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Full version of the problem is following:

Let T be a linear transformation on a finite dimensional vector space $V$ over a field $\mathbb{F}$. If the minimal polynomial $p_t$ of T is irreducible, then every T invariant subspace $W$ has a T-invariant complement $W'$

I used Cyclic decomposition Theorem which states that

"The finite dimensional vector space V can be expressed a s a decomposition of T-cyclic subspaces $Z(\alpha_1;T)\oplus Z(\alpha_2;T)\oplus...\oplus Z(\alpha_k;T)$ and their annihilators $p_1,...p_k$ have properties; (1) $p_k|...|p_1$, (2)$p_T=p_1, f_T=p_1\cdot p_2\cdot ...\cdot p_k$ where $f_T$ is the characteristic polynomial of T."

Can I say this? Since $p_T$ is irreducible, there is a cyclic vector $\alpha$ such that $V=Z(\alpha;T)$ and V=W and $W'=\{0\}$. Therefore $W'$ for each W is T-invariant.

Is my way correct?

Thank you in advance.

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  • $\begingroup$ Certainly the $W=V$ step doesn't make any sense. If, say, $W$ had 5 dimensions, then it would have many $T$ invariant subspaces of dimension 1,2,3,4... are those all $V$ as well? Please also consider explaining some of your notation. $\endgroup$
    – rschwieb
    Commented Aug 12, 2012 at 0:47

2 Answers 2

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Let $\mathbb{F}[X]$ be the polynomial ring with one variable. $V$ can be regarded as an $\mathbb{F}[X]$-module by defining $Xv = T(v)$ for every $v \in V$. $\mathbb{F}[X]$-submodules of $V$ are none other than $T$-invariant subspaces of $V$. Let $K = \mathbb{F}[X]/(p_t)$. Since $p_t$ is irreducible, $K$ is a field. Since $p_t V = 0$, $V$ can be regarded as a $K$-module. Let $W$ be a $T$-invariant subspace of $V$. $W$ can be regarded as a $\mathbb{F}[X]$-submodule of $V$. Since $p_t W = 0$, $W$ can be regarded as a $K$-submodule of $V$. Hence there exists a $K$-submodule $W'$ such that $V = W \oplus W'$. Since $W'$ is a $\mathbb{F}[X]$-submodule, it is $T$-invariant. This completes the proof.

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The answer by Makoto Kato really captures the essence of the answer best, but you can also do this without using a field extension. The condition that the minimal polynomial $p_T$ be irreducible is a rather strong condition: it means that for every nonzero vector$~v$ the minimal degree monic polynomial$~P$ such that $P[T](v)=0$ is equal to$~p_T$ (in general monic divisors of$~p_T$ are candidates, but here the only such proper divisor is$~1$, but it only annihilates the zero vector). In particular $v,T(v),\ldots,T^{d-1}(v)$ are always linearly independent, where $d=\deg(p_T)$. Consequently, the only $T$-invariant subspaces of the span$~S$ of these $d~$vectors are the zero space and$~S$ itself: this is because for every nonzero vector$~v'$, its repeated images $v',T(v'),\ldots,T^{d-1}(v')$ are linearly independent and therefore necessarily span$~S$.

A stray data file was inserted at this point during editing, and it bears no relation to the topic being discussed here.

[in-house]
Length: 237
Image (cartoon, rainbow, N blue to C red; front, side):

Now a fundamental property is that in $V$, and by the same argument in any $T$-stable subspace of it (because the restriction of$~T$ to it has the same minimal polynomial, unless it has dimension$~0$), one can find a set of vectors $v_1,\ldots,v_k$ such that the $dk$ vectors $v_1,T(v_1),\ldots,T^{d-1}(v_1)$, $v_2,\ldots,T^{d-1}(v_2)$, $\ldots,v_k,T(v_k),\ldots,T^{d-1}(v_k)$ form a basis. In fact they can be chosen fairly freely, with the choice of $v_i$ being restricted only by being outside the span $S_{<i}$ the vectors before it in the list, as in the incomplete basis theorem. (In fact this is the incomplete basis theorem with respect to the $K$-vector space structure in the other answer I referred to.) To see this, it suffices to observe that, with $S_i$ being the span of the repeated images $v_i,T(v_i),\ldots,T^{d-1}(v_i)$, one has $S_{<i}\cap S_i=\{0\}$ (as this is a $T$-stable subspace of $S_i$ that does not contain $v_i$), whence one has a direct sum $S_{\leq i}=S_{<i}\oplus S_i$. The process ends when $S_{\leq i}=V$ in which case one sets $k=i$. (Note that as a consequence of this we obtain the information that $\dim(V)=kd$ is necessarily a multiple of$~d=\deg(p_T)$.)

Now for the result of the question: choose such a set of vectors $v_1,\ldots,v_k$ for the $T$-stable subspace$~W$, and complete to such a set of vectors $v_1,\ldots,v_l$ for the whole space; then it is easy to see that the vectors $v_{k+1},T(v),\ldots,T^{d-1}(v_{k+1})$, $\ldots,v_l,T(v_l),\ldots,T^{d-1}(v_l)$ are the basis of a $T$-stable complement of$~W$.

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